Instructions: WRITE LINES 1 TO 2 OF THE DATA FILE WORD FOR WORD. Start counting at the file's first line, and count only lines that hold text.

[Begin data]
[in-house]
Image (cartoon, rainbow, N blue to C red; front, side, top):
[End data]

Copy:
[in-house]
Image (cartoon, rainbow, N blue to C red; front, side, top):